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Approximation order

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The order of the error of approximation as a variable quantity, depending on a continuous or discrete argument $\tau$, relative to another variable $\phi(\tau)$ whose behaviour, as a rule, is assumed to be known. In general, $\tau$ is a parameter that is a numerical characteristic of the approximating set (e.g. its dimension) or of the method of approximation (e.g. the interpolation step). The set of values of $\tau$ may, moreover, have an infinite or finite limit point. The function $\phi(\tau)$ is most often a power, an exponential or a logarithmic function. The modulus of continuity (cf. Continuity, modulus of) of the approximated function (or that of some derivative of it) or a majorant of it may figure as $\phi(\tau)$.

The approximation order is characterized both by the properties of the approximation method, as well as by a definite property of the approximated object, e.g. the differential-difference properties of the approximated function (cf. Approximation of functions, direct and inverse theorems).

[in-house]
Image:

In numerical analysis, the approximation order of a numerical method having error $O(h^m)$, where $h$ is the step of the method, is the exponent $m$.

References

[1] V.L. Goncharov, "The theory of interpolation and approximation of functions" , Moscow (1954) (In Russian)
[2] A.F. Timan, "Theory of approximation of functions of a real variable" , Pergamon (1963) (Translated from Russian)
[3] N.S. Bakhvalov, "Numerical methods: analysis, algebra, ordinary differential equations" , MIR (1977) (Translated from Russian)


Comments

References

[a1] M.W. Müller, "Approximationstheorie" , Akad. Verlagsgesellschaft (1978)
[a2] G.G. Lorentz, "Approximation of functions" , Holt, Rinehart & Winston (1966) pp. Chapt. 2
How to Cite This Entry:
Approximation order. Encyclopedia of Mathematics. URL: http://www.encyclopediaofmath.org/index.php?title=Approximation_order&oldid=31926
This article was adapted from an original article by N.P. KorneichukV.P. Motornyi (originator), which appeared in Encyclopedia of Mathematics - ISBN 1402006098. See original article